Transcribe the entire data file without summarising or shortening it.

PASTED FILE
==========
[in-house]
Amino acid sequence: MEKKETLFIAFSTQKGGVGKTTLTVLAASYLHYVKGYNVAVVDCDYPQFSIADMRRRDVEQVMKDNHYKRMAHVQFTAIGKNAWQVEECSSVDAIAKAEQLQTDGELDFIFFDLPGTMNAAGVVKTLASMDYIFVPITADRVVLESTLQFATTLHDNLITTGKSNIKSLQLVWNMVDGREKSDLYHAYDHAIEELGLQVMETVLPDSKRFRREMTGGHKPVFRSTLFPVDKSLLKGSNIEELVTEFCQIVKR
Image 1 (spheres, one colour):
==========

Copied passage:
[in-house]
Amino acid sequence: MEKKETLFIAFSTQKGGVGKTTLTVLAASYLHYVKGYNVAVVDCDYPQFSIADMRRRDVEQVMKDNHYKRMAHVQFTAIGKNAWQVEECSSVDAIAKAEQLQTDGELDFIFFDLPGTMNAAGVVKTLASMDYIFVPITADRVVLESTLQFATTLHDNLITTGKSNIKSLQLVWNMVDGREKSDLYHAYDHAIEELGLQVMETVLPDSKRFRREMTGGHKPVFRSTLFPVDKSLLKGSNIEELVTEFCQIVKR
Image 1 (spheres, one colour):